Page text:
Indian fertiliser co-op supports farmers with eco-friendly practice

The largest fertiliser co-operative in India has given a boost to farmers in the country by committing to buying their fruit of neem – which would otherwise be...

The largest fertiliser co-operative in India has given a boost to farmers in the country by committing to buying their fruit of neem – which would otherwise be discarded as waste.

Indian Farmers Fertiliser Cooperative (IFFCO) has agreed to buy the fruit of neem, which is native to India and the Indian sub-continent, at a rate of Rs15 per kilo (17p).

Farmers will be able to sell the neem fruits at any IFFCO office.

Azadirachta indica, also known as 'Neem'. [photo: Flickr/Lalithamba]
Azadirachta indica, also known as ‘Neem’. [photo: Flickr/Lalithamba]
An IFFCO official said: “This scheme will not only enhance farmers’ income, but also help in increasing awareness about organic fertilisers.”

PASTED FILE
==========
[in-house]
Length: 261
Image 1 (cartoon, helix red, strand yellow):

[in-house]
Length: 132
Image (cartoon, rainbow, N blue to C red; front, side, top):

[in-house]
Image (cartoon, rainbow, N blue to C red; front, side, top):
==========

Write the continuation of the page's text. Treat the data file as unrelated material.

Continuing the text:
In January last year, the Indian government made it compulsory for fertiliser firms to produce urea that was coated in neem. The law states that a minimum of 75 percent of urea produced must be neem-coated – up from 35 percent previously.

Urea is used in the production of fertiliser as a source of nitrogen, while neem is seen as an eco-friendly alternative for pesticides. When spraying crops with conventional urea, around half of the nitrogen is not taken in by the plant, and instead leaks into the soil, causing contamination of groundwater.

Spraying crops with neem oil, on the other hand, slows the release of nitrogen by 10 to 15 percent allowing plants to take more on board. Research has also shown that using urea increases rice and wheat yields.

IFFCO provides relief for flooded Chennai

IFFCO was registered as a co-operative society in November 1967 and aims “to enable Indian farmers to prosper through timely supply of reliable, high quality agricultural inputs and services in an environmentally sustainable manner and to undertake other activities to improve their welfare”.

As well as increasing the incomes of farmers through crop productivity, it also promotes the use of energy efficient fertilisers, environmental health and the democratic empowerment of rural India.

In this article


Join the Conversation